Playing a London gig is often a fairly unpredictable affair. With a countless number of venues within such a close proximity of each other, how can you be guaranteed a crowd when in all likelihood Willy Mason’s busking outside, Pete Doherty’s getting involved in an onstage scrap down the road and The Others are about to play on the tube. Well, one idea would be to call it Death Disco and have some bloke called Alan McGee hand pick the bands and turn up for a DJ slot on a regular basis.
The result? A healthy crowd of onlookers, cross armed and waiting to be impressed, await the arrival of Sister on stage. It’s obvious from the outset what to expect. Tonight there will be no crunching guitar riffs, poses, stupid haircuts or inflated egos from the quietly assembled musicians who take to the stage. With an endearing front lady and a band who know exactly how to accompany well written songs, Sister prove to captivate the minds of even the most hardened art rockers in the audience. You’d even be forgiven for believing Nico has been reunited with The Velvet Underground for just one evening, ready to show everyone how to make songs that have the driving rhythm of a steam train while still appearing as if they can all fall apart at any moment. Watch out for them, they’ll be back again soon.
After thirty minutes or so of Dutch beer and dancing, Gigwise hears ‘something’ from the adjacent room. After only a few seconds it becomes apparent that it’s yet another crunching guitar riff from yet another poser with a stupid haircut to match his over inflated ego. A harsh statement, but it’s exactly what flitted through Gigwise’s mind in those first few seconds of Trap 2. Upon further inspection, the hair wasn’t so bad after all and the poses were only your classic rock star shapes. Close escape. But then, so what if it had been The Bravery strutting about on stage, at least then there would have been an attempt at a visual show. Everyone can laugh at a poser who wishes he was Morrissey, even if there is nothing to listen to. But when artists do dress up, they get attacked. Why I hear you ask. I’ll tell you why. It’s because they all make appalling music (well, most of them). After approximately 20 minutes of debating what Gigwise would prefer to watch, ‘Mullet or Mohawk,’ it became clear that Trap 2 didn’t make great music. If they did, it wouldn’t be an issue. Go check out their soon to be released ‘Low Without Sound’ EP to hear the point being made. The lack of imagination isn’t the main problem here. It’s the lack of substance and finesse to songs on an otherwise tried and tested route which really damages the ear drums. EP opener ‘Welcome to the Zoo’ does get the crowd going, but treads a dangerous line between The Music and Kasabian (who share Trap2’s management) and soon becomes a parody of itself. This story is repeated time and time again, as each song fails to deliver a note of interest.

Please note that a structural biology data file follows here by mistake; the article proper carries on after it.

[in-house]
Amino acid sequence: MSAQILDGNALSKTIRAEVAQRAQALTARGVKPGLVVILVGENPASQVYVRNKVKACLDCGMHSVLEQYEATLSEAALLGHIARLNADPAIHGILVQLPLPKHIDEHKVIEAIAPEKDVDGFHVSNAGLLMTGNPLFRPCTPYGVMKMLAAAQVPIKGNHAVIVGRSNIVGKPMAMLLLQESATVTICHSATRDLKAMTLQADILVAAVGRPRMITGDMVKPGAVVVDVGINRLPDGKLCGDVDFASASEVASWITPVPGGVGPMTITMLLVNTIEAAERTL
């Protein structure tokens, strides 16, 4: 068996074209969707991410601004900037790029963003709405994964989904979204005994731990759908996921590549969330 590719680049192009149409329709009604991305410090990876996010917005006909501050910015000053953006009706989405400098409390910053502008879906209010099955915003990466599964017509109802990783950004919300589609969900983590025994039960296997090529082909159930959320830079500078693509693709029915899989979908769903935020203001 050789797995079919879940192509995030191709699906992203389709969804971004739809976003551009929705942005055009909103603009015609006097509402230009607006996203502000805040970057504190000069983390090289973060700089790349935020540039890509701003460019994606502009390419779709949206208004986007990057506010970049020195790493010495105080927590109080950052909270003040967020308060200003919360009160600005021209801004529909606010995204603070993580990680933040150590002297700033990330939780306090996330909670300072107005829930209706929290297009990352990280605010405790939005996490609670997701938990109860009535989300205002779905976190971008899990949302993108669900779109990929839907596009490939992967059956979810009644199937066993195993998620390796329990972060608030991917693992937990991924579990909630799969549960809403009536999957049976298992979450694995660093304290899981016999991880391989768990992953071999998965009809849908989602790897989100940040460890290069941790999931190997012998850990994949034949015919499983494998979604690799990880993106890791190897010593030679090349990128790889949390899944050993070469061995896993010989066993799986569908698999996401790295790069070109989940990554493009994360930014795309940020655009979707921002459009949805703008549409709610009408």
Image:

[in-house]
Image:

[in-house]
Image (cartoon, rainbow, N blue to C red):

In a different musical climate perhaps Trap2 could survive. But with the likes of Maximo Park and Bloc Party having stupid hair AND great pop tunes, things look bleak for the Kasabian wannabe’s.
Originally published on www.gigwise.com